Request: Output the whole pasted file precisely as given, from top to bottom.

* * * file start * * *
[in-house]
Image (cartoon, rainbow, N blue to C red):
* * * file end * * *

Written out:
[in-house]
Image (cartoon, rainbow, N blue to C red):